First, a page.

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  1. #1
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    07.04.16 @ 08:03 PM
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    Default 5150 212 Combo Fuse

    Hi Folks:

    I'm the proud owner of each version of the 5150 series amps. I scored the 212 combo off eBay a few weeks ago for a great deal ($330 local pickup). Wednesday night at band practice, however, I blew the fuse. Upon removal I was surprised to find it was glass, not ceramic like the 5150 heads. Is this right? Should the 3A fuse for the combo also be ceramic, and if so was this likely the reason it blew?

    When searching some forums just now, I found a post about how disconnecting speakers can cause fuses to blow. I was running into a 5150 cab at the time, and at the request of my singer I switched from my top cab to the lower one; I put the amp on standby before doing so. Could this have caused the fuse to blow?

    Ideas?

    Here's hoping it's not a bigger problem!

  2. #2
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    08.06.08 @ 04:31 AM
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    The type of fuse shouldn't matter (ceramic or not). I think its accepted as common practice to use a SLow-Blo type fuse of the approved current rating. Not 100% sure on the need for ceramic but I've not seen evidence in print or from personal experience to think otherwise.

    As for the reason for blowing a fuse, the most common would be a power tube failure or capacitor failure. In either case, the failure could cause a dead short between B+ voltage and ground, thus drawing excessive current and blowing the fuse.

    Running a tube amp without speakers is a very bad idea because if the power tubes run without a load for even a short amount of time, they are prone to failure [in a nutshell]. In regards to running the amp with an odd impedance, the combo amp wants to see either 16 ohms from the main speaker out (found under the chassis behind the back grill) or two 16 ohms if you use both the main and back-panel speaker outs (16 ohms, respectively, I should say). I wouldn't run 8 ohms in either of these speaker outs because that will do harm to the output section eventually. Running 16-24 ohms shouldn't be a problem (more never seems to be an issue ... within reason of course).

    I've run clusters of speakers wired in odd ways to the tune of 24 ohms impedance total and my 5150 combo sounded fine and worked properly.

    If there's a capacitor failure, you'll either blow fuses immediately upon B+ application OR you'll hear an immense amount of 60Hz/120Hz hum. either way, probably time for a cap job.

    Good luck

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    Default

    Hey HipCat:

    Thanks for the info. I recall getting some 60Hz hum when I first powered up Wednesday night, so I wonder if you might be on to something about capacitor failure. (I hope not.)

    It was my understanding the 5150s used ceramic fuses to help withstand the heat. I vaguely recall using a glass fuse in my original head a few years back when attemting to just get through a recording session, and it blew within a couple of hours.

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    re: testing for hum: if you're hearing more than the usual amount of hum with your guitar NOT plugged into the amp (remove the cord from the amp itself) and listen with the preamp and master knobs in various positions. Obviously you'll get some hiss/hum with everything cranked up, but it shouldn't be terrible at "1" on the pre and master, for example.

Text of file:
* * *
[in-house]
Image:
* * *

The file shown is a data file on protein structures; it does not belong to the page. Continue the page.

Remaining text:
re: ceramic fuse: ah, I get it. I can't imagine it getting *that* hot inside the chassis but anything is possible.

    Good luck. I haven't played inside my 5150 combo yet with the exception of rolling tubes around but if I can help, let me know.

    Cheers!

  5. #5
    Little Dreamer fifty150's Avatar
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    06.03.08 @ 04:10 PM
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    I blew the same fuse a few years ago and if I remember right it was glass. My combo didn't sound quite right after replacing the fuse and it kept blowing them out. I had to finally send it back to Peavey and they fixed it, but it has never sounded the same to me??? It really lost that THUMP it used to have??? Hopefull its not something serious but if it is, bring it to someone else other than Peavey if at all possible.
    Fifty150

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    ... lost the thump ...

    I had a Marshall clone which I did a capacitor job on and it too lost that bass response "thump". An EE friend of mine (and tube amp mentor) gave me a clue that the power supply capacitance could be beefed up to bring back that thump. After doubling up on the power supply caps (instead of using a pair of 50uf, he suggested using a pair of 100uf [if I recall] due to the inherent +/- 20% tolerance on the caps I bought), the thump was back. The reason is that those power supply caps not only filter, but they store the charge necessary for those hard hitting bass notes. I can't say what would be a tolerable upgrade in the 5150 combo but I'd be willing to wager that the caps Peavey used in the repair might have been in the -20% tolerance range. (better to have more capacitance than less).

    Note: you don't want too much capacitance in the first capacitor immediately after a tube recitifer though. That will overdraw that tube rectifier and ruin it. (Peavey 5150 uses solid state rectifier ... my Marshall clone had a tube recitifer).

    Good Luck

  7. #7
    Little Dreamer fifty150's Avatar
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    Thanks for the tip HipCat, I'll have someone take a look at it and try to fix it. I have been meaning to do that for a while now...
    Fifty150

 

 

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